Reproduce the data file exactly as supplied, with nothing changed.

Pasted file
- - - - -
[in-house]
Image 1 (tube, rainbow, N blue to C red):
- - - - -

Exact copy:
[in-house]
Image 1 (tube, rainbow, N blue to C red):